The night my co-op’s power went out, I climbed to the roof with my housemates to observe the motionless, dark cloak draped over the Berkeley Hills, punctured only by the occasional beam of a strong flashlight radiating through the layered shadows of distant trees. By the next morning, 1.3 million PG&E customers just in the Bay Area were without power.
The next morning, I woke to a notification canceling classes the following Monday. But unlike the first notice of class cancellation just a few weeks ago, there was no eruption of cheers from neighbors at the moment the email was sent out, no chatting with friends about the weekend’s possibilities.
Instead, Berkeley was silent. My housemates shuffled away from our typically bustling living area to cafés and friends’ apartments in search of Wi-Fi and places to charge our cell phones. By early afternoon, the common spaces were eerily empty. I too brimmed my bag with homework and set off to a friend’s apartment.
In comparison to the thousands of people currently under evacuation orders or seriously endangered by fire, smoke or power outages, my experience of dishevelment has been at most mild. Still it has overwhelmed me and my fellow power-outagers with a sense of apocalyptic doom.
Rising anxieties about this year’s fires have been echoed statewide. This week California Gov. Gavin Newsom slammed PG&E in a string of statements and tweets: “I have a message for PG&E: Your years and years of greed. Years and years of mismanagement. Years and years of putting shareholders over people. Are OVER.”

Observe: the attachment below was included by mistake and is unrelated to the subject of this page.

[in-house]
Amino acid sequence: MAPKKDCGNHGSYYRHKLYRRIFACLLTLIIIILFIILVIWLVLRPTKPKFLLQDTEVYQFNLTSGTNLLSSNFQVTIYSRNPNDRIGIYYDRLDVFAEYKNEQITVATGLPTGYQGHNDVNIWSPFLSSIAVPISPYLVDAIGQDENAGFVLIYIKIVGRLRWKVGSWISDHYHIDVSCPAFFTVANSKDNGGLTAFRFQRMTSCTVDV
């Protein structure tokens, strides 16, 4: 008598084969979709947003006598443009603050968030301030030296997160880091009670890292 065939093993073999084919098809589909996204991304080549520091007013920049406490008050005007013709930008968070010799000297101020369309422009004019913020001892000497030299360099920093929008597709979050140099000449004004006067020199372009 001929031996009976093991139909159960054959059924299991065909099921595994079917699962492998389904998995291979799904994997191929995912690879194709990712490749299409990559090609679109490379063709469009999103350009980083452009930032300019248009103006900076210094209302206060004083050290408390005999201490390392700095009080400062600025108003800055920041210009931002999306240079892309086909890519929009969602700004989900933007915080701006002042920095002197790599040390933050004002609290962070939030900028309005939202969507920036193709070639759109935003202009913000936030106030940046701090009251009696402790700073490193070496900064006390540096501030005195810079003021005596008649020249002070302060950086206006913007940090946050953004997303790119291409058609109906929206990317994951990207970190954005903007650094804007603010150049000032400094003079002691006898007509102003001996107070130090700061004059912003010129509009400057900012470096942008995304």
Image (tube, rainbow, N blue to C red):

I have a message for PG&E:
Your years and years of greed.
Years and years of mismanagement.
Years and years of putting shareholders over people.
— Gavin Newsom (@GavinNewsom) October 25, 2019
According to an article in the Sacramento Bee this week, cities across California are looking into ways to buy PG&E infrastructure to gain local control of the electrical utility or switch to other electricity providers. All this tumult for PG&E is in the numbers: Stock prices reached an all-time low at $3.55 before increasingly slightly before closing.
But blaming PG&E for the disruption wildfire season brings to California each year with increasing regularity and strength is, at best, unproductive. Fixing electrical infrastructure is putting a Band-Aid on the much bigger problems of climate change, poor ecosystem management practices and an increased population of people living in fire-prone areas.
But blaming PG&E for the disruption wildfire season brings to California each year with increasing regularity and strength is, at best, unproductive.
Ecologically speaking, we should not be living in an environment where just one spark from a faulty power line could ignite entire counties. California was made not only to withstand but thrive alongside fire. Our Mediterranean climate (wet, cool winters followed by warm, dry summers) ensures that the winters grow enough biomass that, when dried out in the summer, will serve as abundant fuel for late-summer, early fall fires. Historically, fire touched every area of California with the possible exception of the Mojave Desert. In the eastern part of the state, around the Sierra Nevada, fires were often ignited naturally through lightning strikes, but in the Central Valley and on the coast, Native Americans burned land as a way of tending to their environment and facilitating the type of production needed for food and materials.